If someone is trying to sue me for medical bills 5 months after an accident and the police report does not say who’s fault it was but her insurer says that it was mine, what now?

UPDATED: Sep 29, 2022

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If someone is trying to sue me for medical bills 5 months after an accident and the police report does not say who’s fault it was but her insurer says that it was mine, what now?

Is this where I go to court?

Asked on October 20, 2015 under Accident Law, Georgia


SJZ, Member, New York Bar / FreeAdvice Contributing Attorney

Answered 7 years ago | Contributor

The police report would be evidence only--i.e. evidence of what the police thought--and is not dispositive or determinative, so the fact that it does not assign fault doesn't matter someone who feels that the other side is at fault may still sue. 
The fact that their insurer feels you were at fault is not dispositive or determinative either--the insurer  is not a court, and their opinion is not a legal judgment or determination.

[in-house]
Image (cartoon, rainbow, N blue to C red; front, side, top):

To win against you, the person suing you would have to prove that you were at fault e.g. driving negligently, or recklessly that whatever costs or injuries they suffered were due to the accident you caused and not, for example, pre-existing conditions and that their claims for injuries and costs are accurate. Not only would they have to prove these things, you could, in court, try to disprove them.
It can be expensive to try to disprove their medical costs or injuries, because you'd need to hire you own medical expert to analyze the medical reports, tests, etc., and a medical expert can cost thousands of dollars. Depending on what they are suing you for, if you believe that you were at fault, you may wish to try to settle the case for some amount and/or payment plan you can afford though remember settlement is voluntary the other side can hold out for payment in full. If you feel you are not at fault, then you  may wish to defend on that basis, and/or even countersue for any injuries, costs, etc. you incurred.

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